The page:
This article is part of the series—Raisina Edit 2022.
While there have been some attempts to co-opt new powers into the international order through reforming multilateralism to reflect their rise, the dominant narrative from Western countries is concern about the erosion of the rules-based international order.All countries use a mix of multilateral, regional, bilateral, and minilateral tools. Much as Morrison might be annoyed by the international hectoring of Australia’s record on climate and human rights, it will still engage with multilateral institutions and use them to progress its interests. What is interesting is when and why countries choose to use each of these tools.
Brookings expert Thomas Wright describes how, as populism and nationalism have become strong forces in many countries, it has become more difficult for leaders who favour multilateralism to mobilise support.Domestic forces have also had a significant impact on multilateralism. For example, under the Trump administration, the US largely disengaged from multilateral institutions and agreements, turning away from its commitment to the post-Second World War international liberal order. Brookings expert Thomas Wright describes how, as populism and nationalism have become strong forces in many countries, it has become more difficult for leaders who favour multilateralism to mobilise support. The positive case for inclusive multilateralism to tackle global challenges appears to have limited appeal politically. In the US, the Biden presidency may be the establishment’s last best chance to demonstrate that liberal internationalism is a superior strategy to populist nationalism. But then when Russia invaded Ukraine in February 2022, it looked like a different international system. There was a UN General Assembly Resolution that overwhelmingly demanded Russian withdrawal. There was coordinated action on sanctions with concerned countries reaching out to other like-minded countries to agree an approach, then convincing others to come on board. Along with cutting Russia off from the SWIFT international banking system and individual sanctions, the combined effect has been significant, being described by a Russian spokesperson as akin to “total war”. This suggests that fears of the end of multilateralism have been overstated. The good news is that multilateralism has weathered dramatic moments and challenges before. Even during difficult times like the Cold War, multilateralism still functioned to some extent because there were issues that required coordination through a universal body. Multilateralism is—and has always been—hard, but there is no alternative. There will always be a need for a space for countries that often do not agree to take limited collective action.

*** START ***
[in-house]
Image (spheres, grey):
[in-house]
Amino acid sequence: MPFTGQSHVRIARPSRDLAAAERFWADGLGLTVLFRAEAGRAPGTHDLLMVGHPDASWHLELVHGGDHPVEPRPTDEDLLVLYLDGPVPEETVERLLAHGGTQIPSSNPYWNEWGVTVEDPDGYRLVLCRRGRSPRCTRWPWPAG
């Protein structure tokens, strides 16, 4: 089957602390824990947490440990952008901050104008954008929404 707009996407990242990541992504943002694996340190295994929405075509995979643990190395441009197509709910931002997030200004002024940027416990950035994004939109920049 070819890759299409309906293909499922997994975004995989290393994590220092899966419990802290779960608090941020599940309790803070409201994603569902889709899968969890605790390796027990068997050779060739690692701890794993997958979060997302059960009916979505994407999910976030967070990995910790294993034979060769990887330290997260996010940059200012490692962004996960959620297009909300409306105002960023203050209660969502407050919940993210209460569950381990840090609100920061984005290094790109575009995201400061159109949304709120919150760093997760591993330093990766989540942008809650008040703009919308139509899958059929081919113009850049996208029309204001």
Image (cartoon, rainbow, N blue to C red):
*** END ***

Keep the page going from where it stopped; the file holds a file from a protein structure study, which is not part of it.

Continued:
With their narrower membership, decision-making processes can move faster among like-minded networks without a need to defer to multilateral consensus building that has often resulted in lowest-common-denominator outcomes.These minilateral vehicles offer some advantages that bilateral, regional, or multilateral ones do not. Compared to multilateral groupings, minilateral platforms are smaller, more exclusive, flexible, and functional. With their narrower membership, decision-making processes can move faster among like-minded networks without a need to defer to multilateral consensus building that has often resulted in lowest-common-denominator outcomes. On the other hand, the exclusive nature of minilateralism means that an initiative centered on only one major power gives it relatively free rein to assert its influence over the smaller participating countries. Australia has been a noticeable proponent of minilateral approaches. First, through the Quadrilateral Security Dialogue, bringing together Australia, India, Japan, and the US; and most recently, with Australia entering into an enhanced trilateral security partnership with the US, and the UK (AUKUS). While the reactions to AUKUS in the region have been mixed, there was definite pushback from some countries, including Indonesia and Malaysia. The danger is that such groupings can be perceived as Australia stoking tensions and undermining stability as part of the US efforts to challenge China. Malaysian think tank expert Shahriman Lockman believes that this will always be a factor for Australia in the region: “Southeast Asians will never quite understand the depth of the relationship between Australia and the US and as a result they will make quick conclusions about Australia and America.” Australia’s links outside the region have created something of a problem for the country in creating a narrative of shared interests with the ASEAN countries. Indonesian academic Evi Fitriani explains that, in difficult times, countries are likely to take pragmatic moves and clutch to reliable partners; what countries like Australia and Indonesia have found out is that “that they do not belong to each other’s reliable clubs.”
When Morrison delivered his “negative globalism” speech, he announced a comprehensive audit of Australia’s involvement in global institutions and rule-making processes.One lesson that has been widely drawn is that such minilateral initiatives undermine ASEAN centrality. But Australia’s reaction to this has been bemusement. It seems obvious that it is possible to pursue such initiatives while genuinely believing in ASEAN centrality.
The views expressed above belong to the author(s). ORF research and analyses now available on Telegram! Click here to access our curated content — blogs, longforms and interviews.
Melissa comes to Asialink after 13 years as National Executive Director of the Australian Institute of International Affairs (AIIA). Under her leadership the AIIA was ...Read More +